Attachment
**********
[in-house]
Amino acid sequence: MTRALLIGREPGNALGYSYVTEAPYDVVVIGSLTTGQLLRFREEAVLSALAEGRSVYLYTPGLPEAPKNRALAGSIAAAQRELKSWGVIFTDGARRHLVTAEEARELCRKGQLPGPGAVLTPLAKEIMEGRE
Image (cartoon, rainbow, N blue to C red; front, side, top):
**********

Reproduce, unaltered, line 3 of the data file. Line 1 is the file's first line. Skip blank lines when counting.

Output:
Image (cartoon, rainbow, N blue to C red; front, side, top):